Tourists welcome, sort of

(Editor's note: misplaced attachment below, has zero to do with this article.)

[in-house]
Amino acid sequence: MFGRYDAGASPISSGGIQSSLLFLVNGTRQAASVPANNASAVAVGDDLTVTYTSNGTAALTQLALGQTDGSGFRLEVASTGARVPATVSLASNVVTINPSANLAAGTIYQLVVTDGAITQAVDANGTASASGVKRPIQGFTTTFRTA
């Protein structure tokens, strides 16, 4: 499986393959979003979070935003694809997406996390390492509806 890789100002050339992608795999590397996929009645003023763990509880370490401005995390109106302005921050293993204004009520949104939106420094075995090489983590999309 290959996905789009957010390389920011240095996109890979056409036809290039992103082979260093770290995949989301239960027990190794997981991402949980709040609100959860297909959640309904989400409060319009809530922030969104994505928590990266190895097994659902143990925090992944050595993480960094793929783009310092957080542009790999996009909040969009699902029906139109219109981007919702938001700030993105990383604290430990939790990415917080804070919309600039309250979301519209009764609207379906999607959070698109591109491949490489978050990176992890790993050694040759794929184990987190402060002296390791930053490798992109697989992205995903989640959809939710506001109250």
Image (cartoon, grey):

Some Native Americans fear one of the dark sides of tourism - that this economic mainstay threatens the values of Indian life. In late spring, 150 people from 15 tribes gathered at the Yavapai Reservation near Prescott, Ariz., to discuss strategies for dealing with southwestern vacationers. Resort owner Gene Keluche said tourism needs a spiritual center, reports the Navajo-Hopi Observer, and it is up to the Native people to decide "what they want to share and how they want to share it." Hopi tribal members talked about a double bind they find themselves in. Hopi planner Fred Kootswatewa says tourists often ignore signs prohibiting photography, forcing tribal members to stop the intrusion by confiscating cameras and film. Tony Skrelunas, director of Native American programs at the Grand Canyon Trust, pointed out that although tourism is the fastest growth industry in the Southwest, few dollars reach Native Americans. Money usually ends up in the hands of bordering communities, he says. For more information, contact the Western American Indian Chamber, 1660 17th Street, Suite 200, Denver, CO 80202 (303/620-9292).


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